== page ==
Goodness, Gracious, Great Balls of…Fish?

You’ve undoubtedly seen these if you shop at Asian markets whether Chinese, Japanese, Korean or Southeast Asian because they’re a favorite everywhere in that part of the world. (Scandinavia has its own variant, but we’re not going to venture that far north this time.) There are even fish cake emoji like 🍥 (narutomaki) and 🍢 (oden). In local Asian markets, you’ll find fish balls and fish cakes in the freezer case packaged in bags or plastic wrapped in a small tray, but if you’re lucky they’ll also have bins of loose assorted varieties where you can cherry-pick as many or as few of whichever ones suit your fancy – my style of shopping, of course.

At their most basic, fish balls are made of fish paste: finely ground fish (pulverized and pounded), egg white, starch, plus a little seasoning. You may have also encountered fish paste as Japanese surimi which is used to make imitation shellfish like the crab stick you see in those ubiquitous California rolls. Incidentally, you can often purchase a few types of fish paste by the pound at the larger markets in the fresh fish/meat department. These are generally the stores’ own blends and are worth trying, but they’re easier to work with as filling for a dumpling or stuffing a vegetable, dim sum style, rather than for rolling your own fish balls, so I strongly recommend getting the ready-to-go frozen ones as an entry level fishy requisite.

Anyway, I was shopping at Jmart (136-20 Roosevelt Avenue in the New World Mall in Flushing, Queens) and fortuitously happened upon one such bin – fortuitously because I had just made a savory Chinese duck soup from a pair of carcasses that contributed their meat to a Thai duck salad I crafted and I had been trying to decide whether to put noodles or dumplings in it. This bounty made the choice easy – and now I had the perfect excuse to buy a few of each kind.

It’s difficult to rate them on some sort of 1 to 10 scale because they’re all quite good but the cuttlefish balls and all of the filled varieties were especially tasty; the shrimp ball filled with pork and sea cucumber and the fish ball with pork filling were excellent. By way of identification, from left to right in the photo above:

Row 1: shrimp ball, fish tofu, imitation lobster ball, Chinese brand mini bite sausage

Row 2: beef tendon ball, fish dumpling with lobster flavored filling, fish ball with fish roe filling, cuttlefish ball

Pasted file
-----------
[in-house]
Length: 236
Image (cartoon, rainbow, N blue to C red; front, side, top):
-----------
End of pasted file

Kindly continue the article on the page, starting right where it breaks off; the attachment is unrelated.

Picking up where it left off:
Row 3: fish tofu with shrimp filling, fish ball with pork filling, pork and chicken patty ball with pork filling, shrimp ball filled with pork and sea cucumber

Preparing them is a piece of cake (no, not fish cake) because they’re already cooked. The easiest method is to simply drop them into boiling soup/water; they’ll float to the top when they’re good to go. Alternatively, they can be fried and served with just about any Asian dipping sauce; you’ll find them on skewers at some food trucks, and I’ve seen them served with a curry sauce as well. Obviously, they’re incredibly versatile.

The flavor is mildly fish-like (except for the ones made from meat which are mildly beefy or mildly porky) which partly accounts for their affinity for various dipping sauces and also for their adaptability in combining with other ingredients. The texture is tender and frankly springy/bouncy, but in a happy way.

The final photo was taken just before adding more soup since it would have completely covered them up; there are some greens in there for good measure.

So I’m curious: let me know if or how you’ve used these little wonders in the “Leave a Reply” box below! (If you don’t see it, click the reply button next to the title of this post.)


Ratcheting Up Sriracha

Fancy Food Show SrirachaIt is written in some ancient tome, or so my rather hazy understanding would have it, that during times of inclement weather the more sagacious among us hunker down in our kitchens and prepare mass quantities of pain perdu. Otherwise why would so many well-meaning mediarologists exhort us to make a beeline for our local supermarket in a frenzied quest for whatever remains on the shelves of bread, eggs, and milk?